Apple cuts orders of iPhone 5C as consumers prefer 5S

Reuters

By Clare Jim and Paul Carsten

TAIPEI/BEIJING, Oct 16 (Reuters) - Apple Inc iscutting production orders for its plastic-backed iPhone 5C amonth after launch, a source familiar with its supply chain saidon Wednesday, fueling speculation the cheaper model of its maingadget may have been priced too high.

Apple has asked one of its largest suppliers to increaseproduction of the top-tier 5S, which went on sale at the sametime, the Wall Street Journal reported. said. Analyst said thisallayed concerns that the cheaper 5C will eat into premium salesand erode margins.

Apple has told manufacturers it will reduce orders for the5c smartphone in the final three months of the year, the sourcetold Reuters. The company added the 5C to the lineup inSeptember along with the flagship iPhone 5S.

Pegatron Corp, which assembles many of Apple'siPhone 5Cs, had seen orders reduced by less than 20 percent,said the source, who asked not to be identified because theinformation is sensitive.

Hon Hai Precision Industry Co another majorassembly contractor for the 5C, had its orders for the sameperiod reduced by a third, the Wall Street Journal reported.

But at the same time, Apple raised orders for the 5S in thefourth quarter, the newspaper said, quoting two Hon Haiexecutives.

Analysts said the decision by consumers to spend more on the pricier 5S benefits Apple. The company's shares rose onWednesday, touching a one-month high above $502. CanaccordGenuity analyst Michael Walkley estimated that the iPhone 5S isoutselling 5C by 2.5 times to 1.

Canaccord Genuity's "survey work indicates a significantlyhigher sell-through mix of iPhone 5s versus 5c that shouldbenefit near-term Average Selling Prices and margins," Walkleysaid.

In the United States, the 5C is $100 cheaper than thepremium 5S, which starts at $649 for the 16 GB model.

Spokespersons at Pegatron, Hon Hai and Apple declined tocomment.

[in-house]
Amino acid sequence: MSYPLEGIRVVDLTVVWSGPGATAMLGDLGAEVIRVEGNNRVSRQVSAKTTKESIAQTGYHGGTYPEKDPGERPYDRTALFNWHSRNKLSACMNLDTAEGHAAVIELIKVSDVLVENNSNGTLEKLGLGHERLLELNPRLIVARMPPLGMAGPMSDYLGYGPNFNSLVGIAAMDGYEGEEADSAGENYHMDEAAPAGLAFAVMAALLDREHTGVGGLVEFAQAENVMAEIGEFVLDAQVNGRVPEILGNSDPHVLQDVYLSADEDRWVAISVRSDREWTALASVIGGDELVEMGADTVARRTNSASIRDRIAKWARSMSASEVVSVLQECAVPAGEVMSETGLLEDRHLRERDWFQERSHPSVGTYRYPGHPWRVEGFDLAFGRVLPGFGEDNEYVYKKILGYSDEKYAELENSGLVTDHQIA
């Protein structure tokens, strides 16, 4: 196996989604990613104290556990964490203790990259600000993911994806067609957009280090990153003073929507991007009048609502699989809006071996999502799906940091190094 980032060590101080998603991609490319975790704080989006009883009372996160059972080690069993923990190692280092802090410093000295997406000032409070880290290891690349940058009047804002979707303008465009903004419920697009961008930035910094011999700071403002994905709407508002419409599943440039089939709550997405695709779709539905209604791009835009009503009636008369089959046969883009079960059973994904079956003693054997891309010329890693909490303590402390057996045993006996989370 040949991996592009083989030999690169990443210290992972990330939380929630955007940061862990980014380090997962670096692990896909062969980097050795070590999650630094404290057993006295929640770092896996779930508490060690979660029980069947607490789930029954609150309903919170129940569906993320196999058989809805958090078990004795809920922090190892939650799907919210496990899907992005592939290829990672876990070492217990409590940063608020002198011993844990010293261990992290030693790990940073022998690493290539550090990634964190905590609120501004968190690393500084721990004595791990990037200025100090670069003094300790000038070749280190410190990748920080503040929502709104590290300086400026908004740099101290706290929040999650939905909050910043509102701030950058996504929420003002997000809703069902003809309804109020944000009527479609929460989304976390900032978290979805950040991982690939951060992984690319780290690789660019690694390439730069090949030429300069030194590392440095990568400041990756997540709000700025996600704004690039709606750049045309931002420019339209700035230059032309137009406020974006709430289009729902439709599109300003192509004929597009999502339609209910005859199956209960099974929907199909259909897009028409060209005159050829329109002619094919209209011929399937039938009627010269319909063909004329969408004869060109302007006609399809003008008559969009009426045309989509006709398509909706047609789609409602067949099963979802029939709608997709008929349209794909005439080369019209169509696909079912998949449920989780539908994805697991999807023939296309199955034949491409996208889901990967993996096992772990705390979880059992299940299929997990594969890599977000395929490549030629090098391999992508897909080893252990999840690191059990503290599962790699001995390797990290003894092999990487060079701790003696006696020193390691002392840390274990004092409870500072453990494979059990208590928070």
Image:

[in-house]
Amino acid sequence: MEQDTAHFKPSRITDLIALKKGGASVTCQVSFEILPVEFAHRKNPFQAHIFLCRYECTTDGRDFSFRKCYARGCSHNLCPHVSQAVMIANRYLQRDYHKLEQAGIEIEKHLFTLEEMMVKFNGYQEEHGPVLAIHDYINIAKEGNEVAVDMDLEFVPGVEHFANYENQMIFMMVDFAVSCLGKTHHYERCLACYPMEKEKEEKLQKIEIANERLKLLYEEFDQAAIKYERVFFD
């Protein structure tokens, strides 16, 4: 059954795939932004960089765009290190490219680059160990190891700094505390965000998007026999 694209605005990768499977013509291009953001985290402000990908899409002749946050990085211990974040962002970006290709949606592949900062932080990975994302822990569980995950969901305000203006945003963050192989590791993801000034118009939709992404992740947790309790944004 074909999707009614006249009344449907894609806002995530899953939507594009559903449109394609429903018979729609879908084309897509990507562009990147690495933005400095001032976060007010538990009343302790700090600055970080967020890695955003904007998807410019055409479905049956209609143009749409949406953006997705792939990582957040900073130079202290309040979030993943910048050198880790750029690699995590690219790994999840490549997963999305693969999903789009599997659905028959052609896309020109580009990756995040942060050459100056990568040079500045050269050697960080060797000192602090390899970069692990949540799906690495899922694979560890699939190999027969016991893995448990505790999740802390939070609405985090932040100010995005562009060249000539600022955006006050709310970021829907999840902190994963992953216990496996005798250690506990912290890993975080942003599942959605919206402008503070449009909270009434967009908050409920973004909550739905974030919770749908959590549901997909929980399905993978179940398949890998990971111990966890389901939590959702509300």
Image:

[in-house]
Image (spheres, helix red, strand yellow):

Analysts and Apple executives have cautioned against readingtoo much into supply chain adjustments, which are common in thefast-moving electronics industry.

Investors will get some idea of the demand for the twophones when Apple reports its fiscal fourth quarter resultslater this month. But the iPhones numbers from July-Septemberwill include sales of only a month of the new models.

HOLIDAY QUARTER BOOST

Apple is expected to sell 33 million to 36 million iPhonesin its fiscal fourth quarter, rising to over 50 million in thetypically strong holiday quarter, which will mark the first fullquarter of sales of the new iPhones.

The holiday quarter may also feature a new lineup of iPads.

Next week, Apple is expected to introduce a updated versionof the tablets that compete with Amazon.com Inc's Kindle Fire and tablets made by Samsung Electronics.

Apple has come under pressure over the past year to bolstersales of its iPhones and iPads and defend its market shareagainst rivals that are rapidly raising capabilities andlowering prices.

The reception for the 5c has been lukewarm in China, whichChief Executive Tim Cook has identified as one of Apple's mostimportant markets. Some local bloggers say the price differencebetween the 5C and 5S is too narrow.

The price difference could widen next year as Apple is knownfor cutting prices of older models to drive volume.

"We're not especially concerned with 5C order cuts at thispoint because they appear to be offset by strong demand andincreased production for the 5S, said Brian Colello, analystwith Morningstar said. "As far as emerging markets, the 5C issimply not cheap enough to gain traction with customers that canbuy $150 Android devices."

Previously, Apple had said sales for the 5S and 5C in thefirst three days of their launch in September totalled 9million, and that demand for the 5S exceeded initial supplies.It did not give separate figures for the 5C and 5S.

Prudential, which does not own Apple shares, forecastsassemblers will ship around 23 million 5C units in the finalthree months of this year and 10 million in the first threemonths of next year.

Apple shares rose as high as $502.53 at the open on theNasdaq on Wednesday and was up 0.6 percent at $501.63 inafternoon trading.

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